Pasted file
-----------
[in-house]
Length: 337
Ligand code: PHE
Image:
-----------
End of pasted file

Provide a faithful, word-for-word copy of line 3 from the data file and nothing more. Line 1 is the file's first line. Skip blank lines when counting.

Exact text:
Ligand code: PHE